Review: Jim Hall/Kenny Wheeler at LJF 2012




Derek Ansell enjoys an evening with two grand old masters of modern jazz, Kenny Wheeler and Jim Hall, the latter adding levity to the proceedings with the comment that it was good to be there . . . "it's good to be anywhere"

The big orchestra that lined up on stage at the Queen Elizabeth Hall on the last evening of the 2012 London Jazz Festival contained the cream of British jazz musicians. Leader Kenny Wheeler came on stage slowly to a rapturous reception before a note had been played. Trumpeter, composer, bandleader and living legend? Yes, without hesitation.

Jim HallThe music was The Long Waiting, a seemingly simple, straightforward suite of music that had all sorts of complexities lurking under the surface. The different movements had basic enough titles like Canter No 1 or Canter No 6, 7, 8, 9 etc, but the music started up in a slow, measured blue cloud and developed in a leisurely manner from there. The 19 musicians (and that includes Norma Winstone, whose wordless vocals add another explorative instrument to the proceedings) played the ensembles smoothly with the leader's flugelhorn bursting out of the ensemble in spirally sparkling solos that were an integral part of the music. Sterling contributions from John Parricelli, Duncan Lamont, Ray Warleigh, Stan Sulzmann and Julian Siegel punctuated the proceedings with improvised solos perfectly suited to the work as a whole. Pete Churchill conducted vigorously and the work concluded to an even louder and more rapturous burst of applause.

The man who introduced the musicians turned out to be the owner of the voice that launched a thousand Jazz Record Requests on radio, Geoffrey Smith. He reminded us of the accomplishments of master guitarist Jim Hall, before bringing him and his rhythm players on as the last group to play at the 2012 London Jazz Festival. Jim Hall, like Wheeler before him, came on slowly, aided by a stick, but if the years have taken their toll physically there was no audible diminution of the guitar playing. Aided by Steve LaSpina on bass and Anthony Pinciotti on drums, the old master was on good form, joking with the audience that it was good to be there and adding ruefully, "it's good to be anywhere".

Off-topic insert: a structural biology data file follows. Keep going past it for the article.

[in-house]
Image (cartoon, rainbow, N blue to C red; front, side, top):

He began with a blues, played All The Things You Are, "which is my wife's favourite", and returned to the blues with a 16-bar variety which he called Careful, to remind himself not to slip back into a 12 bar. A "free" piece of improvisation brought LaSpina and Pinciotti into the proceedings more and recalled that very early venture into free form back in 1955 with the Chico Hamilton quintet. The lines were carefully constructed with highly inventive, original introductions, weaving into the main melodies and developing them in a way that had never been heard before. St Thomas was played at a gallop with fresh lines spilling out all over the place and had little to do with the Sonny Rollins version of 1956. It did, however, remind the audience of the strong (and ongoing) connection between Hall and Rollins, who had played the LJF two days before.

Photo by John Watson


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Your Comments:

Posted by Helena Kay, 22 November 2012, 19:53 (1 of 1)

Julian Arguelles was on baritone saxophone, not Julian Siegel.

Thank you for that correction, Helena. I'll put our reviewer right. - MG

 


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